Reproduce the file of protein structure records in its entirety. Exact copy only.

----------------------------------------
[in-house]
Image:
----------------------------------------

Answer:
[in-house]
Image: